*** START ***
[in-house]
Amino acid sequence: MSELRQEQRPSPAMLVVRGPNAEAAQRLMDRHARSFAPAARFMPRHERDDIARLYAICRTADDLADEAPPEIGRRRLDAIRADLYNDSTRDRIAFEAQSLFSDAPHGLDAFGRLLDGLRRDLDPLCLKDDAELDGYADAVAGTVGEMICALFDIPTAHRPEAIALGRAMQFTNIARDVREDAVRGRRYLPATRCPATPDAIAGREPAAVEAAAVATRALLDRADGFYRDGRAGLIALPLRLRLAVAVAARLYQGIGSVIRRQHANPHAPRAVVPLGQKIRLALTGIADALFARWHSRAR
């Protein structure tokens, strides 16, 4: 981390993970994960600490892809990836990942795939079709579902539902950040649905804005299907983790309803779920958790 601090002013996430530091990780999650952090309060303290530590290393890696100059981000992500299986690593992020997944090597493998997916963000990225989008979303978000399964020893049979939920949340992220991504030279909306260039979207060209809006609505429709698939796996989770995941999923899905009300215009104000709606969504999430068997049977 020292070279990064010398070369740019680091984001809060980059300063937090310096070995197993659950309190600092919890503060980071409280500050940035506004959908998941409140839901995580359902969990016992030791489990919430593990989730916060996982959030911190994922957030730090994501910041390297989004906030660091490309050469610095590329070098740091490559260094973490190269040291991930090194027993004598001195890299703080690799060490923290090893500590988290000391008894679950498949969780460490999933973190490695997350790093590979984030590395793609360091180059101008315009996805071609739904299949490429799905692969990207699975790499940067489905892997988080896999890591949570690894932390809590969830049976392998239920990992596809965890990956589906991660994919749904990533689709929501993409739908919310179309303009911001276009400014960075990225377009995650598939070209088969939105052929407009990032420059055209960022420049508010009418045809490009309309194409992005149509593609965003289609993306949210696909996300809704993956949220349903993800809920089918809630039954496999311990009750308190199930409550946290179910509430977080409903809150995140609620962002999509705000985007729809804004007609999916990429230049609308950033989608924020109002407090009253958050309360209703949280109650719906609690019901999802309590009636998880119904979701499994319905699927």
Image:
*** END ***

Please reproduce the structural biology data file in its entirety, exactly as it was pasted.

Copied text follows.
[in-house]
Amino acid sequence: MSELRQEQRPSPAMLVVRGPNAEAAQRLMDRHARSFAPAARFMPRHERDDIARLYAICRTADDLADEAPPEIGRRRLDAIRADLYNDSTRDRIAFEAQSLFSDAPHGLDAFGRLLDGLRRDLDPLCLKDDAELDGYADAVAGTVGEMICALFDIPTAHRPEAIALGRAMQFTNIARDVREDAVRGRRYLPATRCPATPDAIAGREPAAVEAAAVATRALLDRADGFYRDGRAGLIALPLRLRLAVAVAARLYQGIGSVIRRQHANPHAPRAVVPLGQKIRLALTGIADALFARWHSRAR
């Protein structure tokens, strides 16, 4: 981390993970994960600490892809990836990942795939079709579902539902950040649905804005299907983790309803779920958790 601090002013996430530091990780999650952090309060303290530590290393890696100059981000992500299986690593992020997944090597493998997916963000990225989008979303978000399964020893049979939920949340992220991504030279909306260039979207060209809006609505429709698939796996989770995941999923899905009300215009104000709606969504999430068997049977 020292070279990064010398070369740019680091984001809060980059300063937090310096070995197993659950309190600092919890503060980071409280500050940035506004959908998941409140839901995580359902969990016992030791489990919430593990989730916060996982959030911190994922957030730090994501910041390297989004906030660091490309050469610095590329070098740091490559260094973490190269040291991930090194027993004598001195890299703080690799060490923290090893500590988290000391008894679950498949969780460490999933973190490695997350790093590979984030590395793609360091180059101008315009996805071609739904299949490429799905692969990207699975790499940067489905892997988080896999890591949570690894932390809590969830049976392998239920990992596809965890990956589906991660994919749904990533689709929501993409739908919310179309303009911001276009400014960075990225377009995650598939070209088969939105052929407009990032420059055209960022420049508010009418045809490009309309194409992005149509593609965003289609993306949210696909996300809704993956949220349903993800809920089918809630039954496999311990009750308190199930409550946290179910509430977080409903809150995140609620962002999509705000985007729809804004007609999916990429230049609308950033989608924020109002407090009253958050309360209703949280109650719906609690019901999802309590009636998880119904979701499994319905699927």
Image: